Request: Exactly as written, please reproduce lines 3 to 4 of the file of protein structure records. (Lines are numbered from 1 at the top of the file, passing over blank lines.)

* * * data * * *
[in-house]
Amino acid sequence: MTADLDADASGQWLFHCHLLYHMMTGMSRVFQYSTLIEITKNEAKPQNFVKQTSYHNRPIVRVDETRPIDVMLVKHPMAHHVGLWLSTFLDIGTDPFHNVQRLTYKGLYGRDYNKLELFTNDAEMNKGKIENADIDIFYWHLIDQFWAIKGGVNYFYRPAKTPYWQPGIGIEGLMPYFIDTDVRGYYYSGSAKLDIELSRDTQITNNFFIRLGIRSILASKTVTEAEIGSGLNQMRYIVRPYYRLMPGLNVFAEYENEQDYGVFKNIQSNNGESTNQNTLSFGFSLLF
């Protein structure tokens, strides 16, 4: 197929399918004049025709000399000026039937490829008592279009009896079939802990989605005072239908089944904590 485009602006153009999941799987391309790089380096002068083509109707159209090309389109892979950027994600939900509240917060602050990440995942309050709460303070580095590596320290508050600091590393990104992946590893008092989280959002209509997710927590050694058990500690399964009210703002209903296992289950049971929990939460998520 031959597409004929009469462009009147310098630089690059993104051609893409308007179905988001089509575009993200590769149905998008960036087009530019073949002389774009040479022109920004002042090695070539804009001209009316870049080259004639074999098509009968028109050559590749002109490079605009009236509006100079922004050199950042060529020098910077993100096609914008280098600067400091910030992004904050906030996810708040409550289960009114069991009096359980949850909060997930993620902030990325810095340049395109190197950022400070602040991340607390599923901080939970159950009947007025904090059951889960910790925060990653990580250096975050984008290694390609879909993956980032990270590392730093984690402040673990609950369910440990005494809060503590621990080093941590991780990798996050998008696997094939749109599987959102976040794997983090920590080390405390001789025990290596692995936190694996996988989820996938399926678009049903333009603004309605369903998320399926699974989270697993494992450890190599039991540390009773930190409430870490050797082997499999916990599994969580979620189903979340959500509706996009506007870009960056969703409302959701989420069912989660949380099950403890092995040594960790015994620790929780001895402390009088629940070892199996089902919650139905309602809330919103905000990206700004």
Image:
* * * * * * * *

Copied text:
């Protein structure tokens, strides 16, 4: 197929399918004049025709000399000026039937490829008592279009009896079939802990989605005072239908089944904590 485009602006153009999941799987391309790089380096002068083509109707159209090309389109892979950027994600939900509240917060602050990440995942309050709460303070580095590596320290508050600091590393990104992946590893008092989280959002209509997710927590050694058990500690399964009210703002209903296992289950049971929990939460998520 031959597409004929009469462009009147310098630089690059993104051609893409308007179905988001089509575009993200590769149905998008960036087009530019073949002389774009040479022109920004002042090695070539804009001209009316870049080259004639074999098509009968028109050559590749002109490079605009009236509006100079922004050199950042060529020098910077993100096609914008280098600067400091910030992004904050906030996810708040409550289960009114069991009096359980949850909060997930993620902030990325810095340049395109190197950022400070602040991340607390599923901080939970159950009947007025904090059951889960910790925060990653990580250096975050984008290694390609879909993956980032990270590392730093984690402040673990609950369910440990005494809060503590621990080093941590991780990798996050998008696997094939749109599987959102976040794997983090920590080390405390001789025990290596692995936190694996996988989820996938399926678009049903333009603004309605369903998320399926699974989270697993494992450890190599039991540390009773930190409430870490050797082997499999916990599994969580979620189903979340959500509706996009506007870009960056969703409302959701989420069912989660949380099950403890092995040594960790015994620790929780001895402390009088629940070892199996089902919650139905309602809330919103905000990206700004």
Image: